Armed with a Philly cheese steak sandwich from Taste of Philly and a beverage, I sat down to watch game seven of the World Series featuring the Texas Rangers versus the St. Louis Cardinals. During the game, I found myself reading the book Steve Jobs by Walter Isaacson and running the washing machine. I stopped actively collecting baseball cards over a decade ago. My sports trading card collection gradually transitioned from baseball to football. Recently, I have started to bid on a fair number of Beckett Grading Services (BGS) rated autographed football cards. The market on BGS autographed cards has fallen on hard times. While the current economic situation has decimated prices for sellers, anybody who is considering buying up a few player autographed cards can do so relatively cheaply on eBay.
Thanks to TWIG, I was listening to Leo Laporte, Gina Trapani, and Jeff Jarvis talk about the nature of dead documents (traditional publications) versus building a dynamic (maybe unified/standardized) digital content presentation medium. At the same time, the hosts were talking about Walter Isaacson’s new book about Steve Jobs. The time honored publication of books in paper form is not dead. Economics happen. Industries change. Watershed events or ideas can inspire the public to share a common focus. For example, reading or talking about the book Steve Jobs by Walter Isaacson will become a shared experience for millions of people around the globe. Depending on the quality of the book over time a degree of intergenerational conversation could be inspired by Isaacson’s words.
Ok. So I have a bunch of lingering questions about the Kindle Fire. My Kindle Fire has been pre-ordered and I am just waiting for the unit to arrive.
- Will the Kindle Fire get the Android market?
- Will somebody extract the Android market code from the developer SDK and install that open source package as an APK on the Kindle Fire?
- What happens when you visit https://market.android.com from the Silk browser?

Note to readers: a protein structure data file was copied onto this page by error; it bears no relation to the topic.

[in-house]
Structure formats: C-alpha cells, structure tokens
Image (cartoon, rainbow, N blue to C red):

- Will the market stop Kindle Fire users from downloading applications?
What a busy week!
I have started to ask myself the question, “How many hours should a salaried employee work during a busy week?” The answer remains elusive. As modernity has crept stealth-fully into our lives while technology has interested with productivity the expectations for a workday have been fundamentally altered. Overall, workload is often dictated by capacity. In some ways skill sets define what tasks a worker will be assigned. Time management can only take you so far when the list of tasks outpaces a forty hour work week. I have decided to spend my Saturday morning listing to the entire series of week 2 “Introduction to Artificial Intelligence” class lectures. The intro to databases class seems to be more time consuming and I might have to revisit the class the next time it is offered. The decision will largely be made based on how much time the AI-Class takes today.
I was messing with the blog post template within Microsoft Word 2010 and noticed that somehow the “Do not check spelling or grammar” check box had become unchecked. Even on my best days I make the occasional grammatical or typographical error.
Will Flickr make it? Should I start uploading my video library to both Flickr and YouTube? I know that my video library basically has to be backed up to the cloud and a few Blu-ray discs stored in our local safe deposit bank vault. Over the years Flickr has been a fantastic photo sharing tool. I’m just not sold on the financial model that drives Flickr. Then again what financial model has Yahoo been using? Strangely enough Yahoo and HP have been in a high stakes battle to determine which company has the worst board of directors. I hope that the financial chaos does not lead Flickr shutting down.
Initially, I underestimated the time commitment that both the Stanford Engineering into to artificial intelligence and into to databases would require. After a few minutes of personal reflection, I decided to deregister from the db-class and take it the next time it is offered. Overall, I have been very impressed with the quality of the ai-class. The video lectures are informative and easy to watch. After getting used to the quizzes at the end of each video the format is strangely compelling. I ended up watching most of the class videos during two separate working sessions. The week 1 homework was fairly straightforward, but the presentation could have included a few more details about the homework questions.
I am really curious to see how I did on the week 1 quiz.